Unmet need for therapy services, assistive devices, and related services: data from the national survey of children with special health care needs.

Journal Article

To estimate the prevalence of unmet needs for therapy services, vision and hearing care or aids, mobility aids, and communication aids and to investigate the association between predisposing, enabling, need, and environmental factors and unmet needs.Using the National Survey of Children with Special Health Care Needs, we generated national prevalence estimates and performed bivariate and logistic analyses, accounting for the complex survey design.Nationally, the prevalence of unmet needs ranged from 5.8% among children with special health care needs (CSHCN) with a reported need for vision care or glasses to 24.7% among CSHCN with a reported need for communication aids. In logit analyses, CSHCN without insurance coverage were significantly more likely to have a reported unmet need for therapy services (adjusted odds ratio [OR]: 2.08, confidence interval [CI]: 1.39-3.12), vision care or glasses (OR: 3.94, CI: 2.64-5.86), and mobility aids (OR: 5.17, CI: 1.86-14.37). Children in families at or below 100% of the federal poverty level were significantly more likely to have a reported unmet need for vision care or glasses (OR: 4.51, CI: 2.86-7.12) and hearing aids or hearing care (OR: 3.61, CI: 1.70-7.65). For each of the services studied, more-severely limited children were significantly more likely to have an unmet need reported.Our findings demonstrate that a minority of CSHCN have unmet needs for therapy services, assistive devices, and related services. Parents of children with more-severe ability limitations were more likely to report having unmet needs. Our findings highlight the importance of insurance coverage in ensuring access to therapy services, assistive devices, and related services.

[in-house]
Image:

Full Text

Duke Authors

Cited Authors

  • Dusing, SC; Skinner, AC; Mayer, ML

Published Date

  • September 2004

Published In

Volume / Issue

  • 4 / 5

Start / End Page

  • 448 - 454

PubMed ID

  • 15369415

Electronic International Standard Serial Number (EISSN)

  • 1539-4409

International Standard Serial Number (ISSN)

  • 1530-1567

Digital Object Identifier (DOI)

  • 10.1367/a03-202r1.1

Language

  • eng